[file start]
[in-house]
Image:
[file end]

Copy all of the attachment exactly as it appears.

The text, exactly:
[in-house]
Image: